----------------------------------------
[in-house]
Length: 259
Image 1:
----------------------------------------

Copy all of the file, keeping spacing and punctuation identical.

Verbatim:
[in-house]
Length: 259
Image 1: